Violence and the Partition of India: Voices from Pakistan

  • Nadia Butt Justus Liebig University Giessen

Abstract

This interview, centred on the theme of violence in South Asian history and culture with a particular focus on the partition of India from the perspective of past and present, has been conducted with four persons from different walks of life: Kishwar Sultana Mir, a refugee from Amritsar based in Lahore, who was seven years old when the partition was about to take place; Khawar Kazi, retired Lecturer of English at Kinnaird College for Women Lahore, who was six at the time of the partition; Usman Qasmi, a university professor specialising in South Asian history at Lahore University of Management and Sciences (LUMS); and Ishtiaq Ahmed, Professor Emeritus of Political Science at Stockholm University and a Visiting Professor at the Government College University, Lahore. In this interview, Mir and Kazi narrate their first-hand experiences during the partition as Mir’s entire family was uprooted from her hometown Amritsar, which became a part of newly created India, forcing her to move to Gujarat and then on to Lahore where she currently lives, whereas Kazi’s father was the Commissioner for Rehabilitation in Lahore who was actively involved in accommodating refugees in the newly created Pakistan. Complementing these two first-hand accounts, Qasmi’s and Ahmed’s scholarly insights lend a refreshing perspective on the legacies of the partition violence in South Asia.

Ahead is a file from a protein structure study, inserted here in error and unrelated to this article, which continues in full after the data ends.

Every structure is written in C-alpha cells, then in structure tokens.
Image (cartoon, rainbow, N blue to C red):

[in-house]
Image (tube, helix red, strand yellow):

Published
Dec 31, 2017
How to Cite
BUTT, Nadia. Violence and the Partition of India: Voices from Pakistan. Kairos: A Journal of Critical Symposium, [S.l.], v. 2, n. 1, p. 146-160, dec. 2017. Available at: <http://kairostext.in/index.php/kairostext/article/view/44>. Date accessed: 15 oct. 2018.